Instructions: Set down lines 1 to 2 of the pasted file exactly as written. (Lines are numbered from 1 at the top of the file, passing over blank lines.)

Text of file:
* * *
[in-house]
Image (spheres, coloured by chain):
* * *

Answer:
[in-house]
Image (spheres, coloured by chain):